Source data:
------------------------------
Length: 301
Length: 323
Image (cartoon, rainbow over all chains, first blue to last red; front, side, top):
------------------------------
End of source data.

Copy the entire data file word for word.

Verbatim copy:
Length: 301
Length: 323
Image (cartoon, rainbow over all chains, first blue to last red; front, side, top):